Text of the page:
I have written quite a lot on this blog (here, here and here) about Sean O’Callaghan who died, at 62, yesterday, apparently as a result of a swimming accident in Jamaica, and so I just wanted to mark his death with a short comment about the significance of his rather sad life as an IRA activist turned informer.
I can well understand why, haunted by regret for his actions, he left the IRA and then re-enlisted to become an informer for the Gardai, apparently to expiate his past wrongdoings, but two episodes cast shadows over his life.
One was the death of another Garda agent, Corkman John Corcoran. O’Callaghan at first admitted in a newspaper interview that he had killed Corcoran – shooting him in the back of the head with a revolver – but then retracted the confession in a rather unconvincing way.
O’Callaghan claimed that he had made the admission in order to force the Irish police to properly investigate the killing. But looking at the circumstances of the event, it is just as likely that O’Callaghan killed Corcoran to preserve his cover, i.e. if he hadn’t killed him, suspicion would have fallen over him. Dark questions still hover over the extent of Gardai complicity in this matter.
The other was O’Callaghan’s romance with the neoconservative wing of the Tory party which began when he moved to London after a jail term in Belfast for two murders, of an off-duty RUC Special Branch man and a woman member of the UDR. He was released by way of a Royal prerogative of mercy.
His entrance to Tory party circles coincided with the peace process and O’Callaghan’s message – that it was all a clever trick by Gerry Adams to wrong-foot the Brits – went down a treat with people who were appalled at the prospect of Sinn Fein in government.
By this time, O’Callaghan was wildly out of touch with the Provos. He had spent the best part of a decade in a secure prison unit for his own safety and it had been years before that since he had been part of the Provos’ leadership circle.
The Tories who welcomed the converted terrorist into their circles would have been well advised therefore to have taken a large spoonful of salt with O’Callaghan’s agreeable warnings, but what he had to say so perfectly conformed with their view of the world that they threw caution to the winds.
The neocon view of the world dictated that terrorists must always be militarily confronted and defeated – militarily and politically – since compromise, negotiation and deal-making were fatal as terrorists were by definition dishonest and full of trickery. Their aim was to weaken and defeat by politics if war could not achieve victory.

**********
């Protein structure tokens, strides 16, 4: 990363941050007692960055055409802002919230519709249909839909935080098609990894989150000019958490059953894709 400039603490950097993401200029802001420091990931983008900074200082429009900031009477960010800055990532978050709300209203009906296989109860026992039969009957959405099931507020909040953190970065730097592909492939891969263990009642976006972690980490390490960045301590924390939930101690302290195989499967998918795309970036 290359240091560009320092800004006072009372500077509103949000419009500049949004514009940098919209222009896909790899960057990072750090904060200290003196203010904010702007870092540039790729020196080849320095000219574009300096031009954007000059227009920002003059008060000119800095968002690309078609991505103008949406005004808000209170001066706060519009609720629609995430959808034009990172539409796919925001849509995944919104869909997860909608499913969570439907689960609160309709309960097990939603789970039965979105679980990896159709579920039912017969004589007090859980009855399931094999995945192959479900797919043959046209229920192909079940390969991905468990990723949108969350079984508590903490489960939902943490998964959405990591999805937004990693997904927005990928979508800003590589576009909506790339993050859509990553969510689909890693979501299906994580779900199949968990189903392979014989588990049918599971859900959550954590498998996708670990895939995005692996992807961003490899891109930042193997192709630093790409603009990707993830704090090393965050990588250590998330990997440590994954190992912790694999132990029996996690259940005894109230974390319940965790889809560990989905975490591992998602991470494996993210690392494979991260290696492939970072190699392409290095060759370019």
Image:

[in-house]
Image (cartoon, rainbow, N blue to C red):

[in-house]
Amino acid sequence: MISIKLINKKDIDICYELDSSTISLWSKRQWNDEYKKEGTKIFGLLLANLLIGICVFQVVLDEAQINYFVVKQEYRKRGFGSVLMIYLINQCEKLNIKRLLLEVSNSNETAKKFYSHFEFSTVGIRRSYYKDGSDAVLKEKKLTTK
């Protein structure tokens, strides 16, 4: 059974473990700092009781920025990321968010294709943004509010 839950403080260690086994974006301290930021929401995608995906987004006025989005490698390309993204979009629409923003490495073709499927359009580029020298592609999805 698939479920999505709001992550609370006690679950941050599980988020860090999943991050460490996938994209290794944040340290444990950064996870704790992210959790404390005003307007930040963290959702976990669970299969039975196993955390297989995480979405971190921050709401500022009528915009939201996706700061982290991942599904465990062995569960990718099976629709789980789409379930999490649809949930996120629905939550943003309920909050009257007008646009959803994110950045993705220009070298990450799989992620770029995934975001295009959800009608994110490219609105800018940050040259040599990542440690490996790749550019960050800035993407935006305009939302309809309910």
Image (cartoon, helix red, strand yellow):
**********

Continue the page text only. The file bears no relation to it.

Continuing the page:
The neocon analysis of the Irish peace process was that it was an IRA artifice designed firstly to destabilise the SDLP, whom the Provos would swallow up and replace.
Once the IRA’s political wing had won the allegiance of a majority of Nationalists, the IRA’s war would be re-launched from a position of strength. By this time Britain’s will to remain in Northern Ireland would have been fatally sapped and they would disengage. Game, set and match to the Shinners.
It would be a case of ‘tricked by terrorism’.
Except it hasn’t worked out like that at all. But this grim scenario was meat and drink to the Tory neocons and they wolfed it down eagerly.
The leading Tory neocon, Michael Gove, for instance, compared the Good Friday Agreement to the appeasement of the Nazis in the 1930s and the toleration of paedophiles.
As time went on and it became clear that the Provos really did mean to end their war against the British, and that there was no chance of a resumption of serious violence, O’Callaghan’s grim predictions were seen for what they were: the opportunistic imaginings of a fantasist.
Even Michael Gove had to moderate his views, conceding during this year’s Tory party leadership election: “I am glad about the peace process in Northern Ireland….”
Gradually and inexorably, Sean O’Callaghan slipped out of sight. He re-emerged briefly, courtesy of the right-wing, red top, print media in Britain, during the British general election to warn against Jeremy Corbyn for his dalliances with Gerry Adams. Corbyn’s remarkable performance served only to underline the sadness of O’Callaghan’s irrelevance.
An early death may have saved him from the special misery that comes from getting the story really, really wrong and knowing it.